A slight aside - I had a lot of fun playing around with the prompts from the paper, mostly because the no js constraint made me try and get some animations working in CSS which I hadn’t tried before. A nice example of the type of fun side quest that LLMs enable. I find working with LLMs helps me get into that optimal fast-feedback-with-learning, rewarding, game-like state pretty quickly and this is one of the joys I get from using them - so I’d like more tools that enable me to drop into that cycle quickly that feel less instrusive.

MAGIS: LLM-Based Multi-Agent Framework for GitHub Issue Resolution

The Magis paper describes a Multi-Agent setup which gets similar performance to Devin on SWE Benchmark tasks (it resolves about 14% of provided Github Issues). It’s a multi-agent model as there’s different roles being played here - that of manager (responsible for forming the plan and farming the tasks out to the workers), repo custodian (finds the right files in the repo), developer (makes the changes) and QA (performs code review for developer changes).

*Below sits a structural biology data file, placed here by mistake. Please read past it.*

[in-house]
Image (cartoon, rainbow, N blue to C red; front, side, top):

I do wonder if one of the things we’ll get from all this is a better understanding of our craft - for example the agent struggling is positively correlated with files and functions touched, but lines of code changed has less of an impact. Intuitive perhaps but if we can start to better define what makes a changeset complex I think that would be useful feedback when developing. I also think a better understanding of change complexity will enable us to apply agents to the right problems earlier as we adopt these tools as part of our flow.